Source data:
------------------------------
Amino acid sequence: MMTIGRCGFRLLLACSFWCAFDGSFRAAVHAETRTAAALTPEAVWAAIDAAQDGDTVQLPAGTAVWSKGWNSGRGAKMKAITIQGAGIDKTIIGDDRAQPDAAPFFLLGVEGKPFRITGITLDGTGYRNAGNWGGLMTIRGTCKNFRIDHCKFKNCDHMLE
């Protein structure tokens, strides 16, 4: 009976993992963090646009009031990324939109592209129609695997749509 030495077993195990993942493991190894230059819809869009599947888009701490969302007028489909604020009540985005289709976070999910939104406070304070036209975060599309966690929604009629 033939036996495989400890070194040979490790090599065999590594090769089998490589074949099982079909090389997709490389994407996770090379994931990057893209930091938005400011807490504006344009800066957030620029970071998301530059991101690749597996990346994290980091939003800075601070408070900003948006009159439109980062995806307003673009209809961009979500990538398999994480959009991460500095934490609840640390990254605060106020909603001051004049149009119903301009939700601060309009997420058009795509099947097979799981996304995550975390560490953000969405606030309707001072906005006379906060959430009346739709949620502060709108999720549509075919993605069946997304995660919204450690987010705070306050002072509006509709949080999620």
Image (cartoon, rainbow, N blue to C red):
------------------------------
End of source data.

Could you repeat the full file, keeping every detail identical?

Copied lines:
Amino acid sequence: MMTIGRCGFRLLLACSFWCAFDGSFRAAVHAETRTAAALTPEAVWAAIDAAQDGDTVQLPAGTAVWSKGWNSGRGAKMKAITIQGAGIDKTIIGDDRAQPDAAPFFLLGVEGKPFRITGITLDGTGYRNAGNWGGLMTIRGTCKNFRIDHCKFKNCDHMLE
């Protein structure tokens, strides 16, 4: 009976993992963090646009009031990324939109592209129609695997749509 030495077993195990993942493991190894230059819809869009599947888009701490969302007028489909604020009540985005289709976070999910939104406070304070036209975060599309966690929604009629 033939036996495989400890070194040979490790090599065999590594090769089998490589074949099982079909090389997709490389994407996770090379994931990057893209930091938005400011807490504006344009800066957030620029970071998301530059991101690749597996990346994290980091939003800075601070408070900003948006009159439109980062995806307003673009209809961009979500990538398999994480959009991460500095934490609840640390990254605060106020909603001051004049149009119903301009939700601060309009997420058009795509099947097979799981996304995550975390560490953000969405606030309707001072906005006379906060959430009346739709949620502060709108999720549509075919993605069946997304995660919204450690987010705070306050002072509006509709949080999620």
Image (cartoon, rainbow, N blue to C red):